- Multiply the answer by 100 and you’ll get your conversion rate. Example: 10 (Goal Completions) divided by 1,000 website visits equals 0.01.
- Then multiply 0.01 by 100. The answer is 1. Your conversion rate is 1 percent.
The issue here is that you are using an aggregate number—such as total visits to your website—rather than the market segments you actually sell to. This is why most conversion rates seem really low.
Himanshu Sharma, author of the book “Maths and Stats for Web Analytics and Conversion Optimization,” offers an excellent tip for calculating a more accurate conversion rate.
As he explains in a recent blog post, “Google Analytics will take every person on the planet into account when calculating your conversion rate metric.” This gives you aggregate data that isn’t useful (if your company only ships products to the U.K., why would you report on people from Egypt that didn’t buy?).
Sharma has an easy solution: “Create and apply a new advanced segment (named ‘Traffic from Target Market’) in your Google Analytics view or profile which only shows traffic from your target market.” Now, you’ll see much more relevant traffic data and your boss won’t be always asking you why only five percent of prospects convert.
Follow the same steps as above. Only this time ensure that your total number of visits are only from your target market, using Google’s advanced segments to filter out irrelevant traffic sources.
4. How to calculate customer lifetime value (LTV)—simple formula
According to the ecommerce company Demac Media, “CLV [customer lifetime value] is a prediction of how valuable a customer is going to be to your business over a specific period of time”
To create accurate marketing plans, you need to know the lifetime value (LTV) of customers. In this post, I’ll show you a simple LTV calculation as well as include a few resources for future reading.
Consider a business such as Netflix. Their standard plan is $9.99. Let’s say the average user signs up and stays with them for two years before cancelling. Then, after a few promotional emails or after they announce a new season of a show like House of Cards, the average user signs back up and stays another 15 months.
This means that an average customer is worth $389.61 to Netflix. When running Facebook ads or offering discounts to win back customers, Netflix needs to keep this LTV figure in mind so that marketing costs of acquiring customers do not eat away all the profit that customer is likely to bring in.
A simple way to calculate LTV
Depending on your business, LTV can get quite complex to calculate. Today, I’m going to stick to a simple way to calculate LTV.
LTV requires us to have a bit of data, answering four key questions. Once we answer these four questions, calculating LTV is pretty simple. I’ve pulled these from a smart post by the team at Pixel Union (they have some fantastic resources for ecommerce stores and great website themes).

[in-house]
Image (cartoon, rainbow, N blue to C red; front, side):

As Pixel Union explains, you’ll need the following metrics to calculate LTV. Let’s meet the metrics. And I’ll show you how to gather this data.
Average Order Value (AOV)—How much does the average customer spend in one visit? For a coffee shop, this might be how many lattes and muffins the average customer buys. For a hotel, it’s how many nights and mini-bar purchases the average patron buys. For an online retailer, it’s the average shopping cart amount.
The best way to gather the data for AOV is to work with your finance team or accountant. Every business files taxes, so your accountant will know the total sales revenue you reported last year. Next, speak to your analyst team and get the total number of orders for the last year. Divide your total revenue by your total number of orders. This gives you the AOV. If you don’t have an accounting team, you can just download all sales revenue from PayPal or Stripe or whatever you use and then download total sales orders from your shopping cart or payment system.
Purchase Frequency (PF)—How often do customers purchase from you? Every week (for example, a coffee shop)? Every month (for example, a software business)? Every few years (for example, a vacation rental or luxury retail company)? A few times in their lifetime (for example, a mortgage broker or a luxury car brand)?
There are a few ways you can gather this data. A sophisticated business will track this data somewhere. A smaller business can simply do a simple research study. For example, a coffee shop could use a loyalty card to track repeat customers. Or you can ask your analyst team to help. All they need to do is divide the total number of orders by the number of unique customers. This gives your purchase frequency. For example, you could download all transactions from PayPal and analyze these in a spreadsheet.
Customer Value (CV)—This is average value of a customer. This is how much money we can reasonably expect to extract from our customer’s wallets.
To calculate, you’ll use numbers from AOV and PF. Multiply your AOV number (see above) by your PF number. The answer will be your average customer value.
Customer’s Average Lifespan (CAL)—How long will a customer stay a customer? A brand like Honda tries to make you a customer for life (buy a Civic in college, buy a minivan when the children come, and drive off into a sensible sunset in your tricked-out Accord). This varies from business to business.
Tying it all together
OK, you’ve gathered all the data for the metrics below.
- AOV – Average Order Value
- PF – Purchase Frequency
- CV – Customer Value
- CAL – Customer’s Average Lifespan
- CLV – Customer Lifetime Value
To calculate your LTV, just complete the formula below:
Multiply your CV number by your CAL number. Hit enter on the calculator. Boom! Pat yourself on the back because now you know the average CLV of your customers.
This will be an excellent start to making smarter marketing decisions. You can add more fancy math with the LTV resources below.
Get more advanced with LTV calculations
“But JAAAAMES,” I’m sure you’re asking. “What about including marginal profit, segmentation, overhead, and discount rate into our LTV calculations?”
For the math masters, I recommend this excellent post by Pixel Union, which I’ve borrowed heavily from above. Also, Demac Media published a wonderfully instructive book called, “Everything You Need to Know About LTV.”
For SaaS and online businesses, this guide will light the way to more profitable customer calculations.
LTV can be tricky to measure. This resource gives you a step-by-step overview of how to calculate LTV.